BAMBOO BAR –
AT THE EDGE OF THE UNIVERSE
Lizzie Fitch/Ryan Trecartin, Claus Föttinger, Renaud Jerez, Melike Kara, Gijs Milius, Aleen Solari
The Bamboo Bar is a bar at the edge of the universe, much like the Cantina on Tatooine (Star Wars: The New Hope, 1977), except that even the droids are accepted here. Bars, in its origin cafés which develop first in the middle east or the tavern in Europe, has been a place of socialization, where one could gather to drink coffee, listen to music or read. It occupies in many cultures an essential function as a place of collective gathering or individual relaxation. During enlightenment, the cafés became a center of diffusion of news and facts. The cafés being centers of information transmission, discussions have naturally prospered there. Everyone had the right to speak. In these places, subjects like religion, politics or arts were part of the conversations and arguments. Bamboo Bar draws on this idea of an alternative social place, where one comes to meet others, just have a break or even negotiate. Detached from the outside world, and even more from the edge of the universe, the bar appears like a territory in which its own rules apply. No matter if human, robot or other extra-terrestrial life form, no matter from which distant planet or which origin, here everyone is welcome. Let’s meet there!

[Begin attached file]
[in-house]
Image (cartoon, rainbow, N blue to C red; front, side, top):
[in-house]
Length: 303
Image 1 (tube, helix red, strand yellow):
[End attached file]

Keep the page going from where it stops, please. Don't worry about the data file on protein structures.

Both this imaginary scenario and the space of the Dortmunder Kunstverein serve as a framework for the exhibition Bamboo Bar, at the Edge of the Universe. One encounters here Claus Föttingers (*1960, lives in Dusseldorf) bar-like installation Veldt and Ocean, a place to sit and relax by Aleen Solari (*1980, lives in Hamburg), hybrid creatures by Lizzie Fitch / Ryan Trecartin (both *1981, live in Athens, Ohio), composite skeleton by Renaud Jerez (*1982, lives in Paris), lonely characters by Gijs Milius (*1985, lives in Brussels) and figures who apparently communicate without language by Melike Kara (*1985, lives in Cologne). Together, the artworks open a reflection on a space of inclusion and the connection between ourselves and the other.
Through the bar as such, but also as metaphor, the idea of a space in-between gives us a frame to question what influences the predetermination of the body and behavioral patterns, and how to create new possibilities and new narrations within our differences. A space in which opposites can be negotiated and renegotiated. Watch the sky!